Sunday, December 5, 2010

Don’t Delete Your Photographs

Statue of Freedom-2
This post is a preview of several articles I plan to write in the near future.  The theme tying these posts together is that of technology rescuing what you may have thought was an unsalvageable photo.  First, let me be clear that it is always best to get the shot right at the moment of exposure.  Most of what you might do in post processing is either compensation for not nailing the shot, or application of your artistic vision for the photograph.  In the first case (compensation for a less than perfect shot) the result of post processing will likely be a compromise from what you had in mind when you first viewed the scene.  Therefore, it is always best to capture the best representation of what you intended when taking the photograph.
Statue of Freedom
Unfortunately, getting it perfect at the moment of exposure is not always possible.  Some of these shots may not be of great interest in retrospect, but others can be frustratingly great shots doomed by some flaw.  Think of the great shot you took…at precisely the decisive moment, and you did not get something right (motion, focus, exposure, etc.).  This is maddening and you have nothing but the story of the “one that got away.”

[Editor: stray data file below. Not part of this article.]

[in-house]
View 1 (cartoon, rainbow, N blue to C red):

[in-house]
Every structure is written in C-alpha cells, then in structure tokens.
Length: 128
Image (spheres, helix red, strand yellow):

Statue of Freedom-1
Increasingly, the software magicians are making advances that offer the opportunity of recovering these fundamentally great shots that are flawed in some way.  In the coming days, I will talk about several of these tools that have advanced the possibility of saving those great shots we might have otherwise discarded.  For now, trust me and do not delete those great shots that are flawed in some way – some super-smart software engineer is working on the solution as we speak.
The photographs featured in this post are detail shots of the plaster model for the Statue of Freedom.  The bronze version of the statue sits atop the U.S. Capitol building, while the plaster version is on display in the Capitol Visitors Center’s Emancipation Hall.  For more information on the statue, visit the Architect of the Capitol.
Have fun, and don’t delete your photographs.

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